“And so,” said Benjy with an injured look, “the geography books are right after all; the world is ‘a little flattened at the Poles like an orange.’ Well, I never believed it before, and I don’t believe yet that it’s like an orange.”

“But it is more than flattened, Benjy,” said Leo; “don’t you see it is even hollowed out a little, as if the spinning of the world had made a sort of whirlpool at the North Pole, and no doubt there is the same at the South.”

Chingatok, who was listening to the conversation, without of course understanding it, and to whom the Captain had made sundry spasmodic remarks during the day in the Eskimo tongue, went that night to Amalatok, who was sitting in Makitok’s hut, and said—

“My father, Blackbeard has found it!”

“Found what, my son?—his nothing—his Nort Pole?”

“Yes, my father, he has found his Nort Pole.”

“Is he going to carry it away with him in his soft wind-boat?” asked the old chief with a half-humorous, half-contemptuous leer.

“And,” continued Chingatok, who was too earnest about the matter to take notice of his father’s levity, “his Nort Pole is something after all! It is not nothing, for I heard him say he is standing on it. No man can stand on nothing; therefore his Nort Pole which he stands on must be something.”

“He is standing on my outlook. He must not carry that away,” remarked Makitok with a portentous frown.

“Boh!” exclaimed Amalatok, rising impatiently. “I will not listen to the nonsense of Blackbeard. Have I not heard him say that the world stands on nothing, spins on nothing, and rolls continually round the sun? How can anything spin on nothing? And as to the sun, use your own eyes. Do you not see that for a long time it rolls round the world, for a long time it rolls in a circle above us, and for a long time it rolls away altogether, leaving us all in darkness? My son, these Kablunets are ignorant fools, and you are not much better for believing them. Boo! I have no patience with the nonsense talk of Blackbeard.”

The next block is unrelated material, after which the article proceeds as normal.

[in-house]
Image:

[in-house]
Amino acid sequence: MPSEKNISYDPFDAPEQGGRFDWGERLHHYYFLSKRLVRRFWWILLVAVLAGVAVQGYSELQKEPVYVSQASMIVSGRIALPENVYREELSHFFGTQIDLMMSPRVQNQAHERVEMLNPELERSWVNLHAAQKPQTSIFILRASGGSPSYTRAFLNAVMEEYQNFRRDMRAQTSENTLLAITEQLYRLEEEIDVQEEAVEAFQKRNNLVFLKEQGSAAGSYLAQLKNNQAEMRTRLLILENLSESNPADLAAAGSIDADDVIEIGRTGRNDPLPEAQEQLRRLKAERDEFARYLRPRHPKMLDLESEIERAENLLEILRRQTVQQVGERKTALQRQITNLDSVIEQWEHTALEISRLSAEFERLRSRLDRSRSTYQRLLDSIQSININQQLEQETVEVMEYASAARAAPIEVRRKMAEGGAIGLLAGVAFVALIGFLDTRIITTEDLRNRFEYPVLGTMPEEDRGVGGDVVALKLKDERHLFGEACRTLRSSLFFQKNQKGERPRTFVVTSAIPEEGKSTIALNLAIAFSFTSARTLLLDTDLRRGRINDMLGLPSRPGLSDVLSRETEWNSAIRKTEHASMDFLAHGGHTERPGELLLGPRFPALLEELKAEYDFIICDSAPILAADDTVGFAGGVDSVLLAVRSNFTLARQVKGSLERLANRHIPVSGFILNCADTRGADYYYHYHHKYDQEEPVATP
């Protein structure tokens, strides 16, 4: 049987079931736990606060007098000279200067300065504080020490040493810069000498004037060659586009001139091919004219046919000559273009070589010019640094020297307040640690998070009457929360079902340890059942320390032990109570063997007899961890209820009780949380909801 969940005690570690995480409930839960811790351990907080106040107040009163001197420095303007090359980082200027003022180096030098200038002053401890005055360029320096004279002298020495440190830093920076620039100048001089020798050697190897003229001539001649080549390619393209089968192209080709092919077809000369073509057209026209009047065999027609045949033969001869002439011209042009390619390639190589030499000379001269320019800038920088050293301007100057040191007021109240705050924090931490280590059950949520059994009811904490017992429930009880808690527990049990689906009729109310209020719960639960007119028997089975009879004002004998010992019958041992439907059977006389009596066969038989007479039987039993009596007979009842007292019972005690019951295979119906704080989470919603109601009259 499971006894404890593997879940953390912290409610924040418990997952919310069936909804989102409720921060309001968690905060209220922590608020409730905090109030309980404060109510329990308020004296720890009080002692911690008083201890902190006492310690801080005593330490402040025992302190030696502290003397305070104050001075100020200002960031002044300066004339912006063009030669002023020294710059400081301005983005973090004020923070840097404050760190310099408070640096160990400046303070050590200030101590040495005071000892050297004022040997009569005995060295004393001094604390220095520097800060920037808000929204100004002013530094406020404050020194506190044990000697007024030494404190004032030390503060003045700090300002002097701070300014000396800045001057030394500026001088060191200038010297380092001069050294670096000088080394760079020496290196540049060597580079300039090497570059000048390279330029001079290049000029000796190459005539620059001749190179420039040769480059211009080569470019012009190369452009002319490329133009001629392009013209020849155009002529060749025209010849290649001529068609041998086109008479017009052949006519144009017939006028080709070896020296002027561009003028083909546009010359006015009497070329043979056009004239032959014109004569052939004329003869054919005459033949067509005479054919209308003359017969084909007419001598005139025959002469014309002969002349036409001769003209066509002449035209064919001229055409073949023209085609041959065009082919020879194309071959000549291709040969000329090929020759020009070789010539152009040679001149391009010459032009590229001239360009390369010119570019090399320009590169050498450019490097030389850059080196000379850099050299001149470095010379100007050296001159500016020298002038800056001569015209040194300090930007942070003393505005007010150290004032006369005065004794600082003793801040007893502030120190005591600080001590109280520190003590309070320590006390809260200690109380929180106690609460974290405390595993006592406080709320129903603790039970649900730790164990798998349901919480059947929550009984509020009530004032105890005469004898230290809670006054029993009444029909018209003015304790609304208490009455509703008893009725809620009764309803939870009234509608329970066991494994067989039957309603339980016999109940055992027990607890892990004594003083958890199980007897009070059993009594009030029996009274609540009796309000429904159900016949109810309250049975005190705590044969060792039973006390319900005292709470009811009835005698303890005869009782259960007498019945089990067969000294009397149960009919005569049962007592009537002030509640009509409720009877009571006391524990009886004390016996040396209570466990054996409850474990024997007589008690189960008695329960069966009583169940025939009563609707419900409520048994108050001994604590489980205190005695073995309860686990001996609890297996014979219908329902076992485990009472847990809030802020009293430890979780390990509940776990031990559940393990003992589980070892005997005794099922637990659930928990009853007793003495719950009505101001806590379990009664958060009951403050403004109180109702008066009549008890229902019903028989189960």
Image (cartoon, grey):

The old chief flung angrily out of the hut, leaving his more philosophic son to continue the discussion of the earth’s mysteries with Makitok, the reputed wizard of the furthest possible north.

Note. The writer has often waded knee-deep in such boots, for hours at a time, on the swampy shores of Hudson’s Bay, without wetting his feet in the slightest degree.

Chapter Twenty Eight.

Tells, among other Things, of a Notable Discovery.

Soon after this, signs of approaching winter began to make their appearance in the regions of the North Pole. The sun, which at first had been as a familiar friend night and day, had begun to absent himself not only all night, but during a large portion of each day, giving sure though quiet hints of his intention to forsake the region altogether, and leave it to the six months’ reign of night. Frost began to render the nights bitterly cold. The birds, having brought forth and brought up their young, were betaking themselves to more temperate regions, leaving only such creatures as bears, seals, walruses, foxes, wolves, and men, to enjoy, or endure, the regions of the frigid zone.

Suddenly there came a day in October when all the elemental fiends and furies of the Arctic circle seemed to be let loose in wildest revelry. It was a turning-point in the Arctic seasons.